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What can we do

Improving care for clients with a severe mental illness

Proposed Solutions

Proposed solutions have been identified on a continuum of system, organisation and individual levels. At the system level these include the re-integration of physical and mental health services. Organisation level solutions include the provision of post-registration training and education and the introduction of specialist nurses into mental health settings. At the organisation and individual level, proposed solutions include the use of checklists and tools, the implementation of guidelines and policies, and a greater emphasis on health promotion intervention

The integration of physical and mental health services could be facilitated through better co-ordination and active engagement with the physical health of patients with mental illness through the development of GP-led clinics with health community teams attached to them. This would facilitate greater involvement of psychiatrists and the development of shared care to establish full integration between physical and mental health services.

Another solution is the provision of specialist nurses in mental health settings to support MNHs to assess and monitor the physical healthcare needs of their client population, where MHNs work more closely with their colleagues in general health settings. In addition, nurses identified a need for a more robust inclusive system, where clear guidance, information and policies are easily accessible. Other solutions have been identified as checklists and tools, including the Health Improvement Profile (HIP).

This summary relates to the role of the Mental Health Nurse (MHN) in the physical health of people diagnosed with severe mental illness in the context of the RCN’s Parity of Esteem work programme. 

The scope covers the role specifics, what may work in reducing the mortality gap, the skills and resources MHNs need and the systems are in place to enable them to work effectively.

The dangers of poor physical health have been known for a number of years; there remains a significant level of concern over the health inequalities that continue to be experienced by those diagnosed with severe mental illness.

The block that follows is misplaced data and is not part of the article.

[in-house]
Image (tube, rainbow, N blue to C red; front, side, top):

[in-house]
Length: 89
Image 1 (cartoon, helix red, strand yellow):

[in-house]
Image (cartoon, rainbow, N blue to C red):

Research has identified the main role of the MHN as one of assessment and monitoring the physical health care of clients diagnosed with severe mental illness, but a number of issues have been raised around how systems equip and support MHN to fulfil this role.

Research cites lack of knowledge and skills, systemic issues linked to fragmentation of services, lack of training and education, and lack of polices and guidance for practice. In addition, there is a requirement to focus training on the individual and social determinants of health that contribute to the poor physical health of those with SMI.

Access the full evidence review here.


Research exploring the user perspective revealed that professionals often fail to view clients holistically despite the link between mental and physical health. Users viewed losing weight as the single most important motivator for attending lifestyle interventions identified by users, and identified the importance of peer and staff support, and building relationships, and they valued the environment, context and the role and characteristics of the healthcare professional delivering key lifestyle interventions.

From a provider perspective, incentives have been identified as increased knowledge and skills, facilitated through the provision of post-registration training, improvements in the quality of patient care, and increased morale and job satisfaction for nurses. In the context of wider society any decrease in the mortality of those diagnosed with severe mental illness lies in the reduction of inequalities and disparities in service provision, and the enhancement of the human rights of this section of the population.


System related barriers identified included the separation of physical and mental health services leading to fragmentation of services. Organisation level barriers include a continued emphasis on the biomedical model which focuses on ill-health rather than health promotion, diagnostic overshadowing, and continued stigma associated with mental illness.

Individual level barriers include professional attitudes, client behaviour and lifestyle choices, and user non-compliance with advice on medication. Diagnostic overshadowing is identified as significant, with the factors contributing to it include poor communication, client behaviour, overcrowding and noise in the emergency department, and the stigmatising attitudes of staff. Another barrier is the lack of consensus regarding the frequency and type of monitoring required, and although guidelines and policies exist, these are not always implemented.

Page last updated - 13/09/2019